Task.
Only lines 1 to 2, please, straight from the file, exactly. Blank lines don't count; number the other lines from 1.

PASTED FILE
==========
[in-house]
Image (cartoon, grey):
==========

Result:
[in-house]
Image (cartoon, grey):